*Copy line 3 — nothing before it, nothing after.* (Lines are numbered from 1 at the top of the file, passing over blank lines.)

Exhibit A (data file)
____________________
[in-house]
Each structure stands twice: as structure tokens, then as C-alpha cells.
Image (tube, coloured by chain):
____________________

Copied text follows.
Image (tube, coloured by chain):